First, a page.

For some, it was ironic for a representative of the NSW Police Force to advise police at the recent Mardi Gras briefing to be vigilant of “violent extremism” during this year’s celebrations.
Although the tensions that flared up in the aftermath of the 2013 parade have largely subsided, the memory of Jamie Jackson Reed and Bry Hutchinson’s brutal arrests that year have left many questioning policing practices at the iconic event.
Last year, LQBTIQ legal groups reported receiving “significantly more” complaints than usual about police conduct during the parade, including their heavy presence outside the Moore Park after party.
More than 800 extra police were on duty at last year’s parade, as part of Operation Northcote. According to Dan Stubbs, director of the Inner City Legal Centre, the number of additional police was unnecessary and disproportionate to the event.
“People do find it intimidating and it’s not a dangerous event. In fact, it’s the safest event in the city all year… especially when you compare it to Future Music or Stereo,” he said.
The last few years have seen police introduce a swathe of new measures targeting Mardi Gras patrons; including a ‘decency inspection team’ to police the suitability of outfits.
“Drug detection dog operations teach people not to trust police”
Although there has been a general increase in sniffer dog operations in Sydney, their relationship with the LQBTIQ community is particularly chequered. According to Will Tregoning, founder of the UnHarm drug decriminalisation campaign group,
“In the early days of the drug detection dog program they were used to target specific communities. We’re talking from the beginning in 2001, when the NSW Police used drug dogs for early operations. The gay clubs on Oxford Street were regularly targeted… What had been a place owned by the community, increasingly felt like a controlled space, and was a factor that lead to the downfall of that area”.
Mr Tregoning expressed his concerns to Sydney Criminal Lawyers® that the presence of sniffer dogs in the marshalling section of this year’s parade will lead to dangerous behaviour, such as ‘loading up’ on drugs. He feels police are creating distrust, and undoing the work undertaken over many years to build bridges between police and the LQBTIQ community.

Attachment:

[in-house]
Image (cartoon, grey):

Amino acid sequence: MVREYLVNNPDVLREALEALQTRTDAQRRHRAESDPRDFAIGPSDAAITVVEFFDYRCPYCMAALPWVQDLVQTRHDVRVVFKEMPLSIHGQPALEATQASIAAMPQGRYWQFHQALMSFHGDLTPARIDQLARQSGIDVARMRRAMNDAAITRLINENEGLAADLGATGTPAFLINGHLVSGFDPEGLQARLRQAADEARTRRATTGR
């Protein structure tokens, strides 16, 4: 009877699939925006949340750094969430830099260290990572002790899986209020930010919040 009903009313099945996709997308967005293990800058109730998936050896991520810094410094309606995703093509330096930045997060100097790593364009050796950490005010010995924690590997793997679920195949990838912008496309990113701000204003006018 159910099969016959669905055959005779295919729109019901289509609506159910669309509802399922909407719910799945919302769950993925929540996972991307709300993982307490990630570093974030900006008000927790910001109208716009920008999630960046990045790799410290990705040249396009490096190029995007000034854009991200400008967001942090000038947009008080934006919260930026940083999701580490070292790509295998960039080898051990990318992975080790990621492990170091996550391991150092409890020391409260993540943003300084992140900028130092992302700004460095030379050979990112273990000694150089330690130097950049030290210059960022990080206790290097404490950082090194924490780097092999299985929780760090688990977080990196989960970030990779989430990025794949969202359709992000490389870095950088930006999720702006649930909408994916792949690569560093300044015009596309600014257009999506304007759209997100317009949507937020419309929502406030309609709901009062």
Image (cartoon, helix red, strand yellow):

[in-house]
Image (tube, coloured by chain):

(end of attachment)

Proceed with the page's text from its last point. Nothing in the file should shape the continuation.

“What the drug detection dog operations do is teach people not to trust police, they create antagony and mistrust within communities, including the gay and lesbian community… Police are there to take care of people, and yet the drug detection operations are doing the opposite. They’re taking away the opportunity for collaboration between community and the police,” he said.
“You need to cover them up or we’re taking the float down”
Decency Inspectors will again be present in the marshalling area of this year’s Mardi Gras, who have the job of deciding what event goers can and can’t wear. NSW Police corporate spokesperson for LQBTIQ people, Tony Crandell, admits that the decisions of these officers can be arbitrary.
“We are often asked what’s okay and what’s not, which is sometimes difficult to describe – when you see something offensive, you just know.”
In 2013, the Decency Inspection Team came under fire for demanding that members of the Leather Pride float, a staple of Mardi Gras, cover their backsides before being allowed to march in the parade.
“They said ‘we’ve got five of your boys in jocks and chaps,’” says the Sydney Leather Pride Association’s John-Bernard Tyndall. “And I went ‘it’s never been a problem before’. They turned around and said well it is a problem, it’s indecent, you need to cover them up or we’re taking the float down.”
Mr Tyndall told ABC News:
“I pointed out a couple of other floats that were going past which had less covered women on them, women with exposed breasts et cetera. And they basically said, well they’re women you’re men we have to draw a line somewhere.”
Mr Tyndall believes these inspectors are an example of over-policing, and that their decisions are arbitrary and gender biased.
“Two four six eight, gay is just as good as straight!”
It has been almost four decades since Sydney’s first Mardi Gras parade. On 24 June, 1978, a number of gay men, lesbians and transgender people met at Taylor Square to march down Oxford Street to protest against the government’s anti-homosexuality laws.
After a scuffle with police at Hyde Park, the group retreated to Kings Cross, where 53 people were arrested near Kings Cross Police Station. A week later, the Sydney Morning Herald newspaper published the names and addresses of those arrested, causing many of them to lose their jobs and be evicted from their rental properties.
Thankfully, four decades later, Australia has become a more tolerant society when it comes to LQBTIQ people – and police no longer share the same hostile attitudes they once did. Years of work and cooperation have built bridges between the groups, but there is still work to do.
Last year, the City of Sydney Council voted unanimously to ask the NSW Parliament, NSW Police Force and Sydney Morning Herald to apologise to the victims of the first Mardi Gras. With the motion going before Parliament later this year, it is hoped that this long-overdue apology will finally become a reality.
Co-chair of the 78’ers, Steve Warren, told the Star Observer: “An apology from the NSW Government, and from Fairfax news, is something that many 78ers and the wider community have been calling for some time.”
To those attending this year’s Mardi Gras, stay safe, look after your mates and have a blast!